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Re: Some info from those who were 10% weight bearing after surgery
« Reply #1 on: May 28, 2011, 02:37:37 PM »
Cindy,

Ten percent weight bearing sound awfully little. I was fully weight bearing straight away, and have heard of other patients being fifty percent. But ten?

D.




Proud To Be Dr. De Smet's First Uncemented Conserve Plus, Left, August 2010

einreb

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Re: Some info from those who were 10% weight bearing after surgery
« Reply #2 on: May 28, 2011, 03:29:49 PM »
The recovery protocol as directed by Dr. Gross is 5 basic exercises and walking, no regimented PT, at least at this point. However, the 10% weight bearing limitation results in an awful lot of use of the good leg, which doesn't need a workout at this point, and not so much for the operated leg. The 10% restriction is in place for 2 more weeks and then he can start increasing the weight bearing, go back for 6 week checkup and then go to a cane for 4 weeks.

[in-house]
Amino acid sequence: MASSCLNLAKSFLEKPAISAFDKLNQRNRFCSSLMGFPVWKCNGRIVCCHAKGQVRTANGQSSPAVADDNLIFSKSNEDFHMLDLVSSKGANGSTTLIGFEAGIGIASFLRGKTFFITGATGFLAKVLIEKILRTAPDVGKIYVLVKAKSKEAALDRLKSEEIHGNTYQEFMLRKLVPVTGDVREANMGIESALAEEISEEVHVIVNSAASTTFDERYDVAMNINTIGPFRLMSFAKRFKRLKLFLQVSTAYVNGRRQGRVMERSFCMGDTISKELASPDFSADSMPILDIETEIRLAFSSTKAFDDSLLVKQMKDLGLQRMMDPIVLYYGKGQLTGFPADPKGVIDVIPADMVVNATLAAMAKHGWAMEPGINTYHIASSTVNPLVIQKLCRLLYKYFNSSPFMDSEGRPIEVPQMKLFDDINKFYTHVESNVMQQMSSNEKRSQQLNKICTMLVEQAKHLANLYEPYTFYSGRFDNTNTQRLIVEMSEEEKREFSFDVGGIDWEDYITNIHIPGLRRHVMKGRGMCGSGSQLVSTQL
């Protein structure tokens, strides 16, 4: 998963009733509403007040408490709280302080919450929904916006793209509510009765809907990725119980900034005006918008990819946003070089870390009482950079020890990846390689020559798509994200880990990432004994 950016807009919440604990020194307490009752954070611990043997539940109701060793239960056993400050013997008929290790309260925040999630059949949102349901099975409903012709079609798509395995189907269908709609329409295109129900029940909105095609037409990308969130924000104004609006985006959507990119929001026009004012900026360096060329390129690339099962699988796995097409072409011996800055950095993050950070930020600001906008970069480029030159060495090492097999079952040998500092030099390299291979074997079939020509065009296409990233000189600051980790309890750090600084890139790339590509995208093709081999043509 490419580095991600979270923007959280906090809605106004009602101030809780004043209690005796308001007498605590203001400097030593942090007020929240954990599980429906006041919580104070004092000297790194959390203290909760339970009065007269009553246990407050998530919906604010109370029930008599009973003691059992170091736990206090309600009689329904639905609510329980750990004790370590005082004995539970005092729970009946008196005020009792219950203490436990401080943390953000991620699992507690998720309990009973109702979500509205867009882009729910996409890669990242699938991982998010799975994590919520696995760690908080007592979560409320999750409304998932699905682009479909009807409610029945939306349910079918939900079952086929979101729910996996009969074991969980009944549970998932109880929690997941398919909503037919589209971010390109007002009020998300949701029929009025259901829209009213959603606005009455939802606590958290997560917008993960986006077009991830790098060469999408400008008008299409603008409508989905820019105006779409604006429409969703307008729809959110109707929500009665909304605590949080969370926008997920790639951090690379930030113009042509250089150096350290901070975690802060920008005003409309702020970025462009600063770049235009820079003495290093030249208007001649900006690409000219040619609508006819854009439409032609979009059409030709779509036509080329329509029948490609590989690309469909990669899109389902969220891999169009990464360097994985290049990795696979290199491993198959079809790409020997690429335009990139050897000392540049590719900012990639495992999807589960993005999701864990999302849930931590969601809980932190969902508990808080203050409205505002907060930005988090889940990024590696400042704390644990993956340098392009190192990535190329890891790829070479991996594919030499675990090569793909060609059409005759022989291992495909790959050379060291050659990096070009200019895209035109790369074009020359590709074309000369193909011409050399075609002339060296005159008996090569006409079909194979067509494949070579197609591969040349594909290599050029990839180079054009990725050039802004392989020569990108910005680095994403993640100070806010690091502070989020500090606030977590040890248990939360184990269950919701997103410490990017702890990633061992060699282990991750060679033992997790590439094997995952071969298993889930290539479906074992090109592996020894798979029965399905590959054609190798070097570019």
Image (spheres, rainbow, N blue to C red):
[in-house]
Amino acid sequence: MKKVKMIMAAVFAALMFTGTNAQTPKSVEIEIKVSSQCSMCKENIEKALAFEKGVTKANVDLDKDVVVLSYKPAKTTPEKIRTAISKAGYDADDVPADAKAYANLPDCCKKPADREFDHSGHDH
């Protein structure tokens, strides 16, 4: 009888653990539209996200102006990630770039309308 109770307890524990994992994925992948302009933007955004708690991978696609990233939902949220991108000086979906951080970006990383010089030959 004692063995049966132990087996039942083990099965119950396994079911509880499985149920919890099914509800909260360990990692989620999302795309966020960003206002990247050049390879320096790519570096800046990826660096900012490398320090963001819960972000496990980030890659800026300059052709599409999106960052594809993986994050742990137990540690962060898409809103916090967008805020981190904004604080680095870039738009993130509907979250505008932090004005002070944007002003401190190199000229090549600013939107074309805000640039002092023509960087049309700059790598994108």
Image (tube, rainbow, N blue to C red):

Yup... its essentially no weight.  I rambled on for a long thread on my 10% experience w/dr gross.  Post surgery starts here...

http://surfacehippy.info/hiptalk/index.php?topic=2242.msg15471#msg15471

In addition to Dr Gross instructions, I did some very basic abductor exercises in the initial 6 weeks that did not break his rules (in my opinion ;) ) Laying on the bed, i would slide my legs out.  Standing on the good leg, I would raise my leg out to the side (no weights or resistance, was VERY difficult at first).  It was so very weak after surgery.

I was bouncing off the walls after 4 weeks and likely put more than 10% by weeks 3 and 4.  Weeks 5 and 6 I forced myself to try to have a 'normal' walk, but assisted with the crutches.  7-10 weeks on the cane, I again slowly transitioned to less weight on the cane and a normal walk. That last week on the can, i would often go short distances without it around the house.